adminstration has promoted public ac-
cess. He oppsed the motion on the basis
that it would outlaw informal meetings
among colleagues regardless of party
membership and would result in stifling

Brenda was a fourth-grader in need
of help. She came from a broken home,
was extremely shy and her high absen-
tee record allowed her few friends at
Ann Muzzi, a senior in special
education at the University, was
assigned to give Brenda (which is not
the fourth grader's real name) that
help. Muzzi had to convince Brenda to
come to the tutoring sessions and
provide her with academic as well as
emotional help.
The Green Glacier Community Cen-
ter is a program designed to help
children in a low-income area of Ann
Arbor. The students, like Brenda, come
from a housing project near the center
to receive academic help from Markley
"THE FIRST thing you have to do
when working 'with these kids, is to
build up a trusting relationship with
them," said Muzzi. "They have a
negative attitude toward adults and this
attitude is reflected in their school
work. They've been through one failure
after another."
Mike Synk, a co-worker on the
program, found Green Glacier to be
just the extra-curricular activity he
was looking for.
Synk, a senior in secondary
education, feels that the program,
while helping kids involved, is
beneficial to Markley residents as well.
Having the tutors living together in the

residence hall is a plus for the program.
"It's a support thing," said Synk. "The
tutors are less likely to get frustrated
because there's someone close to talk to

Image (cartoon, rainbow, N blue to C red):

all the time."'
The 13 Markley tutors are responsible
for two children and must set up projec-
ts for them to work on in the one-on-one
sessions held every Monday and Wed-
nesday. Seminars take place once a
week to give tutors ideas for projects
and to obtain feedback on the progress
of the students. Also, since the tutors
live together, they meet for dinner once
a week. This serves as an informal
seminar to discuss any problems or
frustrations they may experience in the
course of the term.
Tutors must supply their own
materials since Green Glacier has no
resources, and must have a variety of
projects for their students. Muzzi said,
"A tutor must have enough prepared to
hold the child's attention and back-up
a.!._eu _ i _ _._ _ I -I- L .. .- a - ... --'

ELLEN OFFEN, the director $r
Project Community, describes their
programs as a "practicum for;
academic programs. Sitting in a lecture,
hall and taking exams is necessary,"
she said, "but experiential learning is!
beneficial to students, too."
Markley is the first residence hall to
conduct an in-dorm project such as this.
It began Winter Term 1978 and accor-
ding to Offen, has proven very su(-
fessful. "I was thrilled with the
ingenuity of the students as well as
their commitment toward the project,"
she said of last year's efforts. "Students
seemed to be very supportive of each
other, and I received nothing but
positive response."
Offen is optimistic about the results
of this year's efforts. Because of the
success of the Green Glacier Com-
munity project, other residence halls on